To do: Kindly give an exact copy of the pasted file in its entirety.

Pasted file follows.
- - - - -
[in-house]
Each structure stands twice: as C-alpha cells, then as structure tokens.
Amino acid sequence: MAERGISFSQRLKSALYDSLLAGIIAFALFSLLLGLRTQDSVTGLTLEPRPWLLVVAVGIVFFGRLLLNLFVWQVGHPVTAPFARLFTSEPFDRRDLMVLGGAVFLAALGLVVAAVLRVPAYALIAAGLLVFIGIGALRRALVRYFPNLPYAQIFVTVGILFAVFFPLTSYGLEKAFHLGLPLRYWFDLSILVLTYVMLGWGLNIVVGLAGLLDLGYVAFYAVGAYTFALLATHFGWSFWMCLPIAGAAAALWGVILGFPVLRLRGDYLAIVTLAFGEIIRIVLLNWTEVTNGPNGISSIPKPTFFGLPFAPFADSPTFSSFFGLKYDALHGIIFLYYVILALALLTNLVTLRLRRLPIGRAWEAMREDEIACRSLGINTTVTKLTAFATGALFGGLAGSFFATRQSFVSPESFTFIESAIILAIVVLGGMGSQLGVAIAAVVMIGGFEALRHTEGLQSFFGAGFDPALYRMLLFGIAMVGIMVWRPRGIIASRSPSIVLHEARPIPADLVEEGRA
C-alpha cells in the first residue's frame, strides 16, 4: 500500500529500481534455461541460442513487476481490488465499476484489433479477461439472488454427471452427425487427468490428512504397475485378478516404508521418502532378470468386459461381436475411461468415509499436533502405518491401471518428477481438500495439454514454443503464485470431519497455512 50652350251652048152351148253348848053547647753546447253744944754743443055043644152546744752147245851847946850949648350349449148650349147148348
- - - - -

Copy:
[in-house]
Each structure stands twice: as C-alpha cells, then as structure tokens.
Amino acid sequence: MAERGISFSQRLKSALYDSLLAGIIAFALFSLLLGLRTQDSVTGLTLEPRPWLLVVAVGIVFFGRLLLNLFVWQVGHPVTAPFARLFTSEPFDRRDLMVLGGAVFLAALGLVVAAVLRVPAYALIAAGLLVFIGIGALRRALVRYFPNLPYAQIFVTVGILFAVFFPLTSYGLEKAFHLGLPLRYWFDLSILVLTYVMLGWGLNIVVGLAGLLDLGYVAFYAVGAYTFALLATHFGWSFWMCLPIAGAAAALWGVILGFPVLRLRGDYLAIVTLAFGEIIRIVLLNWTEVTNGPNGISSIPKPTFFGLPFAPFADSPTFSSFFGLKYDALHGIIFLYYVILALALLTNLVTLRLRRLPIGRAWEAMREDEIACRSLGINTTVTKLTAFATGALFGGLAGSFFATRQSFVSPESFTFIESAIILAIVVLGGMGSQLGVAIAAVVMIGGFEALRHTEGLQSFFGAGFDPALYRMLLFGIAMVGIMVWRPRGIIASRSPSIVLHEARPIPADLVEEGRA
C-alpha cells in the first residue's frame, strides 16, 4: 500500500529500481534455461541460442513487476481490488465499476484489433479477461439472488454427471452427425487427468490428512504397475485378478516404508521418502532378470468386459461381436475411461468415509499436533502405518491401471518428477481438500495439454514454443503464485470431519497455512 50652350251652048152351148253348848053547647753546447253744944754743443055043644152546744752147245851847946850949648350349449148650349147148348